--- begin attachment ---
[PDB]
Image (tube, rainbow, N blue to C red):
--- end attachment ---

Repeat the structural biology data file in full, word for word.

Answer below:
[PDB]
Image (tube, rainbow, N blue to C red):